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Disclaimer: Laws change, so consult attorney for updates.

Chapter 7

Chapter 7 is the first type of bankruptcy that comes to mind to most people contemplating solving their debt problems. In this case, as in Chapter 13, you list your assets and match them up, if you can, with exemptions.


Exemptions are the property you can keep for your fresh start. They are different from state to state and even in Michigan, where we practice, there are many choices to consider. For instance under the Federal Exemption scheme you can exempt or keep a house up $22K in equity per person (whose name is on the house). Under state law the exemption varies depending on the age or disability of the debtor.

Most of the time there is an exemption for every asset. If that is true in your case, you will be labeled a "No Asset" case in the lingo used by the court. That means you keep everything, at least if you own it and there is no lien. There are, however, three parties to consider, you, the court, and the creditor. The court might decide that it will take no action on your collateral, but the creditor with a proper lien can and will expect that you will either make a repayment agreement or surrender the item back.

Non-Dischargeable Debts

Some debts you cannot discharge. That means after your case is over, the creditor can still collect if you can pay. The most obvious is child support. Others that are usually, but not always, not discharged are taxes and student loans. There are references to criminal fines, divorce obligations, fraudulent debts and a few others. Sometimes we will file a bankruptcy mini lawsuit to decide if you can get out of a debt. Sometimes your creditor will have to file this "adversary action" to prove that you still owe the debt. The most common adversary actions are those where the creditor claims you charged up your credit cards knowing or thinking about filing bankruptcy. The truth is that probably less than 2% of chapter 7 cases have an adversary action that needs to be decided.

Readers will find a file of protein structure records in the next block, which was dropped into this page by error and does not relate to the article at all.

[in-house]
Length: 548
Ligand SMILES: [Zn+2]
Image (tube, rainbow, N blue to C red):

Your Budget

One of the considerations you must evaluate is if you could afford a Chapter 13. If you earn more than you spend after you wipe out your debts, you could decide or be forced to suggest a Chapter 13 repayment plan. Keep track of everything you and your family spend money on to see how your budget is working for you. A Chapter 13 is not the worst thing in life, and it can solve problems a Chapter 7 cannot.

To help ease the stress of considering your options, we offer a free 15 minute consultation.  Call Van Epps & Van Epps today at (989) 723-6777, or complete the contact form provided on this site to arrange for your free consultation.

Contact us for your free consultation today.

Chapter 7 - Chapter 13 - Discharge